Delight in the natural world permeates Alice Momm’s work. Transitory and ephemeral, her creations often consist of things that she finds around New York City and works with on site or in her Harlem studio. Her unexpected juxtapositions, which offer a fresh lens to consider the interconnectedness of all things and the impact of human action on the environment, aim not only to spark curiosity, but also to catalyze discussion through beauty, metaphor, and the power of the handmade. Momm’s painstaking and delicate fabrication processes involve minimal alteration to her original materials, often pieces of natural detritus. Changes, when they are made, may involve stitching, weaving, cutting, carving, watercolor, or assemblage. Each intensely metaphorical object offers wonder, care, and humor through an engagement with the ragged beauty of picked-up things.
Much of Momm’s practice revolves around daily exploratory walks around Central Park, where she engages in sculptural interventions and quiet activism. She is currently working on an artist’s book stemming from her immersion in the park and is collaborating with Alison Cook Beatty Dance on works to be performed outdoors in New York City in the spring of 2023.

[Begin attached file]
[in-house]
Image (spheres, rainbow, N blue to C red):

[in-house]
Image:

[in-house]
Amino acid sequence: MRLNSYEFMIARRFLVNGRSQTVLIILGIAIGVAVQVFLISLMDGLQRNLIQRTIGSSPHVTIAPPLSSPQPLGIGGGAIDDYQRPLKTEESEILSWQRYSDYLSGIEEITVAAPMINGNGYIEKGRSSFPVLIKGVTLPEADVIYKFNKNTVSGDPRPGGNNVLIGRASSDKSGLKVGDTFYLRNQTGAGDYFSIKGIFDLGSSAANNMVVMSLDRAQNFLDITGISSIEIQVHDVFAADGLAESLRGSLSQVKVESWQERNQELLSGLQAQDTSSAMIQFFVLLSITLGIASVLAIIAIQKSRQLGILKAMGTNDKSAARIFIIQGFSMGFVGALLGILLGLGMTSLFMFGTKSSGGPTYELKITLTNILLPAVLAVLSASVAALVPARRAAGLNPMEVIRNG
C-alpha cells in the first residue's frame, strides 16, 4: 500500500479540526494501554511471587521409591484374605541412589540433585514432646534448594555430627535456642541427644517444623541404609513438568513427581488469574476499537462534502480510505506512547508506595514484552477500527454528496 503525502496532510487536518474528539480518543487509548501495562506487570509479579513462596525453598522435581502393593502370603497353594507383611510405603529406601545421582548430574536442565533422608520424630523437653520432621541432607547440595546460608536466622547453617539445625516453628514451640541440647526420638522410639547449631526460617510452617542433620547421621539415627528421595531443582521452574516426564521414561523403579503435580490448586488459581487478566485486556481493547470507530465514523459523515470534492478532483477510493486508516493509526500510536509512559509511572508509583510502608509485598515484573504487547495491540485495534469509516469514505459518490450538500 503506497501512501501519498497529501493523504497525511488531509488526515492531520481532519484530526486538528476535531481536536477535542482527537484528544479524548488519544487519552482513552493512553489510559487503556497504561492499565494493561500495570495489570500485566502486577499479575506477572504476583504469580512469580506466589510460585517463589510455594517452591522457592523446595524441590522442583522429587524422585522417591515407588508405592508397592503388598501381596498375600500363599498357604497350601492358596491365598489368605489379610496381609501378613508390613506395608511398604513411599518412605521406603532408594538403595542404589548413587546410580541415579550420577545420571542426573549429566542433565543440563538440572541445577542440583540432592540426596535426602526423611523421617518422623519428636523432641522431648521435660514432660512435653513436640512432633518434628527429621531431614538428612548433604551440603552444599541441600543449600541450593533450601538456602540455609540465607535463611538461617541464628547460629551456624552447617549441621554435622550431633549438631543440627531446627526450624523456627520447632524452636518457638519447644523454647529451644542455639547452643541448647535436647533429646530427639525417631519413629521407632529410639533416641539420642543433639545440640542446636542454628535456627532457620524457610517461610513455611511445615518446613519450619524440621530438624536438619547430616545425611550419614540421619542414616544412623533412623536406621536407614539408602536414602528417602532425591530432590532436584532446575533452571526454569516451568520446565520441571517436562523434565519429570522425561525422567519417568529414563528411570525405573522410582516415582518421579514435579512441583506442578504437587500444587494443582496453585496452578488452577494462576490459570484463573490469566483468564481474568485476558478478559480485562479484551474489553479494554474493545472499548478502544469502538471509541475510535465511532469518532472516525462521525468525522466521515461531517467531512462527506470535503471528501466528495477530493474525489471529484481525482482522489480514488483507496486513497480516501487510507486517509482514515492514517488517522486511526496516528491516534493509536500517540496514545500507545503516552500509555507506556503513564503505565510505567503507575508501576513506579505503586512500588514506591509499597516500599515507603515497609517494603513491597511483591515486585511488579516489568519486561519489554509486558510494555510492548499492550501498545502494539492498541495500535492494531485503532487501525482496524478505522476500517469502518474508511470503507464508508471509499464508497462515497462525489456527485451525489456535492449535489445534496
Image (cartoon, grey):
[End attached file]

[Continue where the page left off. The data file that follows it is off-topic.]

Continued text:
Kay Whitney: There were hundreds of objects on display in your exhibition “The Gleaner’s Song” (2020), at the New York City Parks headquarters in Central Park. Most were small in scale—photo- graphs, objects made of leaves, pieces of wood, seed pods—but there were also large woven structures consisting of twigs, branches, and manmade scraps. What was this show about, and could you discuss some of the works? Several pieces, including Séance (2020), wall drawings made with catalpa pods, and long, somewhat colorful weavings, particularly caught my attention.
Alice Momm: The exhibition, which opened just a day or so before the city shut down because of the pandemic, was really my love song to urban parks, and to Central Park in particular. Parks have always been my refuge, and they have made it possible for me to live in this city. All of my works begin with a walk . . .
. . . Subscribe to print and/or digital editions of Sculpture to read the full article.